Waterrock Knob

Amenities:

  • Hiking
  • Visitor Center/Book Sales

An ideal spot for watching sunrises and sunsets across the rugged mountains, Waterrock Knob Visitor Center sits at almost 6,000 feet elevation, and contains restrooms, exhibits, and books for sale. Just outside lies a spring that flows over the Waterrock where hunters and farmers gathered to rest. Nearby is the trail to the summit of Waterrock Knob, where a wonderful panoramic view of the surrounding area awaits.

Waterrock Knob is the highest peak in the Plott Balsamsat 6,292 feet and is the 16th highest mountain in the Eastern United States and the 15th highest of the 40 mountains in North Carolina over 6000 feet.

Located at 5,712 feet in elevation, Waterrock Knob has the Parkway’s highest visitor center. Known for its beautiful long-range views of several major mountain chains in the Appalachians, Waterrock Knob is uniquely suited for viewing sunrises and sunsets. The small visitor center introduces visitors to the area’s rugged terrain and tremendous scenic resources, including the Great Smoky Mountains that are visible from here. Stories of the black bear and high elevation forests are told as well. Trails, exhibits, and some of the best and most expansive views make this a popular spot. The Eastern Band of the Cherokee Indians makes this section of North Carolina their home. The center is open seasonally.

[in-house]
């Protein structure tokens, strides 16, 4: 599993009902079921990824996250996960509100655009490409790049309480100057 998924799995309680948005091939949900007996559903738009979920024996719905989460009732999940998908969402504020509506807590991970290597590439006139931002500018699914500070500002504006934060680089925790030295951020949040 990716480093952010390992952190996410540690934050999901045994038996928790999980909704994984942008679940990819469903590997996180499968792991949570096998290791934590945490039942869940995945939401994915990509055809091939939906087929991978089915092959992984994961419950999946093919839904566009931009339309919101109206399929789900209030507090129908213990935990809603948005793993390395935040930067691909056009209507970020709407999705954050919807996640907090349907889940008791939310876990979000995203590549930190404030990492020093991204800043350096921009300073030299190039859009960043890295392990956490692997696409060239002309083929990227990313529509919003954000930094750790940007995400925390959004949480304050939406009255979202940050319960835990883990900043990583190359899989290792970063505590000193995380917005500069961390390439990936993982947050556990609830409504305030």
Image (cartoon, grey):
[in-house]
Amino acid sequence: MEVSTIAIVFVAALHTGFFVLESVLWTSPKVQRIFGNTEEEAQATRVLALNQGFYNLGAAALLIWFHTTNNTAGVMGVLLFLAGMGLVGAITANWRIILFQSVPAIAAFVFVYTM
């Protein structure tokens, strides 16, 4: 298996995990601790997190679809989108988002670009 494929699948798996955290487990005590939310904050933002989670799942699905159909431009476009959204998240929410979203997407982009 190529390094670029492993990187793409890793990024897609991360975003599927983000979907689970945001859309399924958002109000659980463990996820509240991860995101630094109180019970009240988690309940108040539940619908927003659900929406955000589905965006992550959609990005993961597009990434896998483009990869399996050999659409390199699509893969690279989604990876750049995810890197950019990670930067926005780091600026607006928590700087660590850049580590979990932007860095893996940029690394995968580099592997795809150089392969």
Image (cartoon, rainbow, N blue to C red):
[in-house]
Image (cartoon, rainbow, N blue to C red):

What to Do

  • Explore the visitor center and learn more about the site and the region
  • Watch a majestic sunrise or sunset as light dances across the mountains
  • Enjoy a hike to the top of the summit and witness breathtaking views of the Smokies and Maggie Valley

Waterrock Knob Hiking Trail

A 1.2-mile roundtrip hike will take you to the top of the summit. The steep climb gains 412 feet in elevation. There are more great views along the way. The first 1/4 mile of the trail is paved, ending at a nice overlook with a small rock wall that you can sit on to catch your breathe. At the top, there are several vantage points for distant views (although it’s not a 360-degree panoramic view). On a clear day, you have 50-mile views, including the highest peaks in the Smokies. In the valley below is Maggie Valley.